Los Alamos National Laboratory

Los Alamos National Laboratory

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Driving toward an algae-powered future

A new research project led by Los Alamos National Laboratory seeks to drive algal biofuels to marketability, decreasing our nation’s dependence on fossil fuels and putting the brakes on global warming.
December 24, 2015
LANL scientist Richard Sayre

Los Alamos National Laboratory scientist David Fox holds a vial of blue-green algae that is part of the Laboratory’s research into improving algae strains for increased biomass yield and carbon capture efficiency. Algal biomass can be converted to advanced biofuels that offer promising alternatives to petroleum-based diesel and jet fuels. Additionally, algae can be used to make a range of other valuable bioproducts, such as industrial chemicals, bio-based polymers and proteins.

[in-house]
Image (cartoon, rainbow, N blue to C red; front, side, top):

Science on the Hill: Driving toward an algae-powered future

by Richard Sayre

We can all thank algae for the air we breathe. These amazing — and amazingly prolific — photosynthetic microorganisms began pumping oxygen into Earth’s atmosphere more than a billion years ago. In the process, algae absorbed carbon dioxide. That simple exchange enabled nearly all life on Earth.

Growing Plants to Power Our Engines and Feed the World
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Growing Plants to Power Our Engines and Feed the World

Not bad for a group of species anchoring the base of the food chain. Incredibly diverse and abundant around the globe, algae photosynthesize about half the oxygen we breathe. They just need a watery home, sunshine, CO2 and a few minerals to grow — rapidly.

Algae’s appetite for CO2 and their remarkable ability to produce oil might soon have us saying thanks again. A new research project led by Los Alamos National Laboratory seeks to drive algal biofuels to marketability, decreasing our nation’s dependence on fossil fuels and putting the brakes on global warming.

This article first appeared in the Santa Fe New Mexican.

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